We might not like to admit it, but we all contribute to perpetuating a culture of complaints. There is a sense of power when you complain. You are the aggrieved, innocent party who is owed resolution. In some cases, this is accurate – someone else was truly at fault. But many of us engage in constant complaining and its twin sister blaming. Because no one likes being the subject of a complaint, when things go wrong, our first impulse is to find someone or something to blame.
As a dental consultant for over 20 years, I have an inside peak at how this plays out in the practice. If an appointment runs over, it’s the diva hygienist’s fault. If a patient doesn’t show, it’s the appointment coordinator’s fault for not confirming. If a treatment plan isn’t accurate, it’s the lazy dentist’s fault. I see entire teams take turns blaming and scapegoating one another. The end result is a team powered by fear and defensiveness.
There has got to be a better way.
When Does Complaining Go Bad?
The Merriam-Webster online dictionary describes the word “complaint” as “an expression of grief, pain, or dissatisfaction.” Another definition describes it as “a statement in which you express your dissatisfaction with a situation.” There is nothing inherently wrong with saying you are dissatisfied. In fact, this can be an important piece of feedback.
The troubles begin when the complaint is not attached to ownership and when it is used as a weapon.
Following are examples of complaints I’ve heard from team members in the last two weeks.
- “She didn’t tell me I was supposed to do that.”
- “He always makes deals with patients and then doesn’t tell us about them.”
- “She only cares about her schedule.”
- “She’s too passive. I always have to tell her what to do.”
Could these statements be accurate descriptions of a situation? Possibly. Will these statements do anything to resolve the situation? Unlikely. These statements don’t just express dissatisfaction. They absolve the speaker by implicating another person. What these team members are really saying is, “Sharyn, you need to tell that other no-good, rotten person to change because they are messing up.”
Changing Complaints into Contribution
So, what should we do when we are disappointed by another? If complaining doesn’t engender change, what does? How can the practice leader change a culture where blaming and shaming are a team sport?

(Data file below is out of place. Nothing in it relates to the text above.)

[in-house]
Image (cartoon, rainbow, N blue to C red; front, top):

Simply telling your team that they can’t complain, isn’t going to work. They will inevitably complain about not being able to complain! The best route is to acknowledge that it can be okay to complain, but a complaint is an inspiration to have a conversation – it’s not the end goal. The goal shouldn’t be to assign culpability but to find a mutual solution.
This is the part where things get interesting. The benefit of complaining is that it implies you are not responsible for the bad result; it’s the other party that needs to change.
But the message “I am good, you are bad” is not conducive to solving a problem and it’s rarely true anyway.
To really solve issues, you have to be able to acknowledge your part in the situation and you need to do it out loud.
Contribution and Ownership
The way out is the word “contribution.” Resolving a situation, means owning your part. Your part may have been to be unclear, or contradictory or impatient. Your contribution may have been to make negative assumptions or judgments about the other person or by tolerating behavior without being honest. Even if the other person is 80% at fault; you have done or not something that contributed 20%.
When someone recognizes their contribution, they take ownership of their behavior and they acknowledge that they also need to change in order to get better results. Here’s how acknowledging your contribution and taking ownership would sound with the examples I used earlier.
|She didn’t tell me I was supposed to do that.||I didn’t ask enough questions and so I was unclear about what was expected.|
|He always makes deals with patients and then doesn’t tell us about them.”||I need to talk with him about developing a better system of communication|
|She only cares about her schedule.”||I respect her concern for her own patients and I’d like to help her extend that concern towards all of our patients|
|She’s too passive. I always have to tell her what to do.”||I haven’t been clear about how I’d like her to initiate projects|
Do the Complaint Challenge
You and your team may need some training on how to adapt an ownership mindset which is what I’ve been doing this with several teams lately. But you can introduce the topic with a *fun* challenge for your team. Some years ago, Will Bowen developed an ingenious challenge to inspire a complaint-free world. He asked folks simply to wear a rubber purple bracelet on the same wrist for 21 days. But here is the rub (there’s always one!). Any time you complain, you transfer your bracelet to the opposite wrist and start over. I didn’t last 2 days. I kept saying, I wasn’t complaining; I was “observing” but of course, I was also being less than honest.
You can get the purple bracelets here: (https://www.willbowen.com/complaintfree/) or on Amazon or for those of you who are really thrifty, get free purple bands at the produce section in your supermarket.
Here’s to a complaint-free dental practice!